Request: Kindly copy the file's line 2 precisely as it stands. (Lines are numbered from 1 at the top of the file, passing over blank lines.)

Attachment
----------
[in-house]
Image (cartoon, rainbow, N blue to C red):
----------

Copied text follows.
Image (cartoon, rainbow, N blue to C red):